THE OUTLOOK for the Asia-Pacific (APAC) banking industry is improving although risks remain in several coronavirus hot spots in the region, including the Philippines, S&P Global Ratings said.
The credit rater in a note on Wednesday said APAC banks were stabilizing, after the improving global trend.
“Asia-Pacific banks are, perhaps, at the end of the beginning of their COVID-19 (coronavirus disease 2019) recovery. This tracks international trends. During the worst of the outbreak, we wondered if the virus might exert strains similar to that seen during the global financial crisis. S&P Global Ratings now believes a robust global economic recovery is helping many Asia-Pacific banking systems normalize faster than we expected a few quarters ago,” it said.
However, S&P flagged the Philippines as one of the region’s hot spots, as it continues to struggle to contain the spread of COVID-19.
“Asia-Pacific has its hot spots. India, Malaysia, Thailand and the Philippines continue to struggle to contain COVID-19, while the early exiters such as China, Taiwan and Singapore have also seen a pickup in infections,” it said.
The Health department reported 3,806 new coronavirus cases on Wednesday to bring active cases to 44,408.
S&P said it was also assessing how APAC banks will be affected by inflation and potentially higher interest rates.
“While we expect central banks to keep policy rates low to support fuller recoveries, creditors could reset their risk-return expectations. Investors’ fear of rising inflation may trigger a disorderly reset, driving up risk premiums,” it added.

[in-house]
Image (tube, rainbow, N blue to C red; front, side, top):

The US Federal Reserve has hinted it might start raising rates by 2023.
However, the Bangko Sentral ng Pilipinas (BSP) said it would continue to support the economy while COVID-19 remained a threat. Officials said they would only consider rate adjustments when recovery becomes sustainable, which BSP Governor Benjamin E. Diokno sees happening by the second half of 2022.
Earlier this month, S&P said muted economic activity as infections remained relatively high continued to be a credit risk for Philippine banks. It warned that lenders faced sluggish loan growth recovery and a continued pickup in nonperforming loans.
S&P, however, expects some mild rebound for Philippine lenders’ profitability to come alongside macroeconomic recovery.
The credit rater expects the Philippine economy to grow by 6% this year and by 7.5% in 2022. — Luz Wendy T. Noble